Edit AllPages

CFXMLParser is part of a set of Apple-provided C-language functions for manipulating XML documents. Documentation by Apple starts here:

XMLTree is a Public Domain Objective-C wrapper for these functions.

One simple way to begin making an accessible XML tree is like so: CFXMLTreeRef tree = CFXMLTreeCreateWithDataFromURL( kCFAllocatorDefault, (CFURLRef)[NSURL URLWithString:@””], kCFXMLParserAllOptions, NULL );

Now you have a CFXMLTreeRef which points to the XML data. There are a number of functions available for accessing parts of the tree such as CFTreeChildCount( tree ) and CFTreeGetChildAtIndex( tree, 4 ).

Don’t trust Apple’s examples on how to use the CFXMLParser, it’s incorrect in many ways, always cross-check with the API docs. The low-level parser is a little tricky to get started with, but it works, although not as documented…

I recommend you use the Objective-C class XMLTree and contribute to its codebase if you need access to parts of the CFXMLTreeRef anatomy that it doesn’t already support, but then I’m prejudiced: I use XMLTree and would like to see more functionality added.

There is also IconaraDOM, which is a full-featured DOM implementation for ObjectiveC.

See WritingXMLFiles on how to use CFXMLParser to create an XML document.

Be warned that DOM and other tree-based API (including, as far as I could tell, XMLTree) may use up a lot of memory and, ultimately, may not be very efficient. This is unlikely to ever be a problem when working with small documents on a desktop but it is very likely to cause problems when working with large files and/or working with many files. You may find that the low-level parser is more efficient and not that difficult to use after all.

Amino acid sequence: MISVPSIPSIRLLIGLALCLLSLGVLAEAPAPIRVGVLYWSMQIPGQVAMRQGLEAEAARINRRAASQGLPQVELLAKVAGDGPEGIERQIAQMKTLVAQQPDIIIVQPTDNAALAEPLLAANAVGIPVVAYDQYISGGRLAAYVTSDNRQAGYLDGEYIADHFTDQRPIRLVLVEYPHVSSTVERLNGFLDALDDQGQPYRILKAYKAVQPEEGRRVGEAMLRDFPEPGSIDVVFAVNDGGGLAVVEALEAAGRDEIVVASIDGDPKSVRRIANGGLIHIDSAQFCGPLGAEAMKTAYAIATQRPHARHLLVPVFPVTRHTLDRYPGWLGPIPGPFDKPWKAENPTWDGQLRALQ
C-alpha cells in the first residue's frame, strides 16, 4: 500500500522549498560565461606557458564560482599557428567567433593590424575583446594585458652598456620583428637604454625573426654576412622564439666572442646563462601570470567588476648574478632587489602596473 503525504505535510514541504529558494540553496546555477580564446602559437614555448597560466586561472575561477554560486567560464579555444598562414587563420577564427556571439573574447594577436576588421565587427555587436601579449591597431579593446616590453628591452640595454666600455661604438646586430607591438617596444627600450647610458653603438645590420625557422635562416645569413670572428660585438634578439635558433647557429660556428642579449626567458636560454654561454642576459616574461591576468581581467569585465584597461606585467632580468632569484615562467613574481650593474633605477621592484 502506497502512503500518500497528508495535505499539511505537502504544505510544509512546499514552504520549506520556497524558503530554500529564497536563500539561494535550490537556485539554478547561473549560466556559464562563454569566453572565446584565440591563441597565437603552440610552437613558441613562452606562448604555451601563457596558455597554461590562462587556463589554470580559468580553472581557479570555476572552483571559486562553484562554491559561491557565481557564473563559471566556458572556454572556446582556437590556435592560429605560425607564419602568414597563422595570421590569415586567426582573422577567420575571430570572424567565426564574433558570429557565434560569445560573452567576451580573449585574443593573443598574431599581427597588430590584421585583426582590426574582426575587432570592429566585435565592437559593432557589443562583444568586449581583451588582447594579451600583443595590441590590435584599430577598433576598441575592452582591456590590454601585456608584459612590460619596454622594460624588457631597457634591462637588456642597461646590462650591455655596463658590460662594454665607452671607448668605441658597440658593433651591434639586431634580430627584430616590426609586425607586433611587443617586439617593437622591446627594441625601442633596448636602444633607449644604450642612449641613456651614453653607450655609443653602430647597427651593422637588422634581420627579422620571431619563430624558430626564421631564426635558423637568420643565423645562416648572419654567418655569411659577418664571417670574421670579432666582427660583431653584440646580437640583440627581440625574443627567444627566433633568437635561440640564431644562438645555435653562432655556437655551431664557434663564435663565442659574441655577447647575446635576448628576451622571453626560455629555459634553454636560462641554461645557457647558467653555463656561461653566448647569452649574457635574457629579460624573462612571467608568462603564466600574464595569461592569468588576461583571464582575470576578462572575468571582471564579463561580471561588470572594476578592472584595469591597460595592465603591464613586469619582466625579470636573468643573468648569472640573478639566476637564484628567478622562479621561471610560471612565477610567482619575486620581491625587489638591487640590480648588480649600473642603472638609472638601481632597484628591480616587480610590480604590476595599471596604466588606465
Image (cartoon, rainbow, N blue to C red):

See for a comparison between an event-based API and a tree-based API. The article discusses DOM vs SAX in the context of Java but the differences are similar to the high-level vs the low-level API in CFXMLParser. I have often found that XML newcomers like to start with a tree-based API (high-level API for CFXMLParser) because it is easier to understand but once they have tasted an event based API (low-level API for CFXMLParser), they never look back.

– BenoitMarchal

It should be said that CFXMLParser is pretty low level, even in it’s high-level version. If you develop for 10.3 or later NSXML is a bit easier (mostly because it uses all the things you are used to, NSStrings and delegates and whatnot).

On the subject of DOM vs SAX, SAX (stream based) is appropriate when you want to extract a part of the document, or just get the semantics of it (what it means), DOM (tree based) is appropriate if you are working with the actual contents and perhaps want to reorder parts of the document, or want to extract parts depending on the value other parts (which can be tricky with SAX).


Beware that CFXMLParser is a pain in the butt when it comes to entities (such as &). It treats them as separate nodes, so you have to handle them each manually. Read more here:

Unfortunately, there doesn’t seem to be a good BSD-based DOM XML reader and writer that works on 10.3 and below. If you are targeting 10.4, NSXML is the best. Any ideas? I’d rather not write a new Cocoa wrapper for libxml or expat if I don’t have to.